Lyle Hilltop was once a halfling thief of great fortune and little wisdom. He must indeed have been watched over by some merciful god (a forgiving DM), for he survived well into his fifth level, despite such foibles as a penchant for accidently drinking fire oil. However, one sad day, Lyle's luck finally failed him. He and his party (an enormous fighter by the name of Rurik, a neurotic wizard called Gambit, and a misanthropic druid whose name is lost to history) had been charged with the task of delivering a letter to the mayor of a nearby city. With their not insignificant strength, the company was able to easily complete the journey. However, upon entering the walled city, they faced a new challenge.
Having been directed to the town hall by the gate keeper, the party made its way to this grand marble edifice while the druid went to arrange shelter for the night. However, the clerks within this bustling hive of activity proved to be quite uncooperative. It had been our instruction to deliver this letter into the hands of the mayor himself, as it contained information of great importance. However, it was apparently policy for such messages to be taken by one of the clerks and then delivered to the mayor by him. Our group was quite reluctant to agree with these terms and a rather heated argument ensued. However, none could have foreseen the halfling's reaction, for becoming increasingly frustrated by the local bureaucracy, he leapt up to the counter and proceeded to threaten the clerk with his heavy crossbow. Sensing that this incident could not end well, Rurik immediately fled the building. Gambit's best efforts to defuse the situation were entirely ineffective, for the guards throughout the building immediately swung into action, alerted by the panicked cries of the clerical staff. As the first guard of many rushed to apprehend them, Lyle shot him without hesitation. His aim was true and the bolt struck the unfortunate guard between the eyes. He died before he hit the ground. While Lyle was frantically trying to reload his crossbow and Gambit attempted to reach the exit and freedom they were quickly overwhelmed and subdued. They were placed within solid cells awaiting their trial.
While all this was happening, however, Rurik sped to the inn where he knew he could find his druid comrade. The two regrouped and began to form a plan. They had but a few short days before the pair would undoubtedly be found guilty and sentenced to hang. While the druid was reasonably safe, it became immediately clear that Rurik would be in grave danger. He had been seen with the criminals and his stature, a lofty seven feet tall, would make him easily distinguishable. A few rough measures were taken to disguise the unfortunate warrior. His clothes were changed and his head shaved, while he made his best attempt to effect a convincing stoop. After making these preparations, the two went to work. In the middle of the night, they stole into a nearby graveyard. Having researched the location of a coffin of unusual size they set about digging it up. The body within was indeed roughly Rurik's height and build, and, having obtained the corpse, they once again buried the casket. A few cosmetic alterations were made to the body in order to enhance its resemblance to the fighter before it was dumped in the river where it was duly found in the morning.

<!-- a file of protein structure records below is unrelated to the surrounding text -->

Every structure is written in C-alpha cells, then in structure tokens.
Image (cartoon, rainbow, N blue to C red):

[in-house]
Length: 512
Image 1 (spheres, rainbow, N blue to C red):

Though Rurik was now reasonably safe, Gambit and Lyle were still in great peril. While Rurik hid in their in room, his druid friend went about preparing for a daring escape. After attending the trial where their allies were, as expected found guilty, she was able to surreptitiously scout out the prison and locate their sequestered comrades' cells. Then, in the middle of the night, Rurik and she called upon the mighty forces of nature to free their unfortunate friends. By her magic, the druid turned the stone prison walls to ordinary mud, and the company fled into the night.
However, the company was now a trio. They had abandoned Lyle to his fate. Though their actions may have been cruel, Lyle was indeed guilty, and, should they have freed him, he would no doubt have once again committed a similar crime. One that his unfortunate associates might not have been able to escape.
And so it came to pass that Lyle Hilltop hung from his neck until he was dead while his former friends watched from the crowd. Having assaulted a city official within a building full of watchmen and murdered an officer of the law in cold blood he was abandoned, even by his friends. We who traveled with him are not proud of our actions, but we do believe that they were necessary. If he had been freed Lyle hilltop would have continually endangered all who came into contact with him. He had to die so that the civilized world could be saved.